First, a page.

Japan agency-sponsored project for capital city from May 18

The Thiruvananthapuram component of the Kerala Water Supply Project funded by the Japan International Cooperation Agency (JICA) will be partially commissioned on May 18.

Minister for Water Resources N. K. Premachandran told the media here on Tuesday that Chief Minister V. S. Achuthanandan would commission the scheme, marking the inauguration of Fourth Anniversary Celebrations of LDF government.

The Minister said that the other components of the project, except the scheme for Kozhikode city, would be commissioned during the tenure of the present Government. The schemes for Meenad and neighbouring villages in Kollam district, Cherthala and neighbouring areas in Alappuzha district and Pattuvam and nearby areas in Kannur district would be commissioned during this financial year. The work on the Kozhikode scheme could be completed only by November next year.

42 lakh beneficiaries

The Japan Agency, formerly known as JBIC, was providing a loan of Rs.2,987 crore for the project benefitting 42 lakh persons in five districts. It is one of the biggest water supply projects under implementation in India.

Mr. Premachandran recalled that the project was originally proposed to be taken up in 2004 and was to be completed in two years. However, controversies over appointment of the consultant delayed the project. The works were finally taken up in 2006. The work, however, got delayed because of the complexity of the task. So, the project was extended up to 2012.

Sufficient till 2036

The Thiruvananthapuram scheme would serve Thiruvananthapuram Corporation and three neighbouring panchayats. The full commissioning of the scheme is scheduled for the end of February next year. With that, the installed capacity of the Thiruvananthapuram water supply scheme would rise to 284 million litres a day. The scheme would be enough to meet the drinking water needs of the city till 2036, with an augmentation planned for 2021 to add a capacity of 47 million litres a day.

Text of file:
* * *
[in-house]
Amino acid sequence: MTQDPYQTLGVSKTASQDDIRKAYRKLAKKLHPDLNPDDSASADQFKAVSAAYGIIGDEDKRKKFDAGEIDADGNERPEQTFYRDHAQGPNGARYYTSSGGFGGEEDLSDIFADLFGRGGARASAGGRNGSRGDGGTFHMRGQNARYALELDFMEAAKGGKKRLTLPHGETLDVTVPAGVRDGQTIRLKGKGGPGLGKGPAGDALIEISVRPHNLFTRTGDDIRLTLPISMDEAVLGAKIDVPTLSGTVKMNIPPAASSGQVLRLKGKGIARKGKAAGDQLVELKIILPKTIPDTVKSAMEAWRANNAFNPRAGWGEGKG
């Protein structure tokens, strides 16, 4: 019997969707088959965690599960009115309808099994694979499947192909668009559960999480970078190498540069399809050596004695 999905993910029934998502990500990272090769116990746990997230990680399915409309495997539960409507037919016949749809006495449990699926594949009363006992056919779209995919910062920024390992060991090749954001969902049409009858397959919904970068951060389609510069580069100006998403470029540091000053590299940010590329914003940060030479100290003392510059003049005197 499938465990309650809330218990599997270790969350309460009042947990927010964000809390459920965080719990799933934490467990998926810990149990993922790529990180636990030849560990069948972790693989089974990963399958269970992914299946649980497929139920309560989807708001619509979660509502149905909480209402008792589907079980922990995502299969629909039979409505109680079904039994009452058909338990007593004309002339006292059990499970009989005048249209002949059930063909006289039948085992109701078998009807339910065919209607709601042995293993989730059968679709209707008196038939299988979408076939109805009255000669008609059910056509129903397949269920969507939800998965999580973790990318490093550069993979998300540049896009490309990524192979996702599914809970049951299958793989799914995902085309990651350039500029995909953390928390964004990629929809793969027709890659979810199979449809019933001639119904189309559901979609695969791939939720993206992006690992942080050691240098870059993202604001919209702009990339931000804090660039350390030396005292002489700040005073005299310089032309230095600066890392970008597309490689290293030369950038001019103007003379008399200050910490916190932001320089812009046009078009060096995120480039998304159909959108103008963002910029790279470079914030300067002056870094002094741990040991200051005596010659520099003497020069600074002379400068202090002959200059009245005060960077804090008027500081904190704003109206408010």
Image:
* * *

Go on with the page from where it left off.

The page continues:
Modern technology

He said that the scheme employed modern technology. The modern treatment plant at Aruvikkara near here has pulsator clarifier, special filters, chlorine contact tank, reservoirs, pumps and break pressure tank. The water treatment and supply could be controlled from a control room in Thiruvananthapuram using telemetry and supervisory control and data acquisition system. Water reaches new reservoirs through gravity flow. The new reservoirs at Poudikonam, Malamukal and Nelliyodu could cater to areas such as Vattiyoorkavu, Sreekaryam, Technopark, Karyavattom, Pachalloor, Poonkulam and Thiruvallam.